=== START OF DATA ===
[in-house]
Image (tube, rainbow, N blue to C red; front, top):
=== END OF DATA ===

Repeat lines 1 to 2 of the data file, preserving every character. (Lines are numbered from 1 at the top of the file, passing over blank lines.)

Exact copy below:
[in-house]
Image (tube, rainbow, N blue to C red; front, top):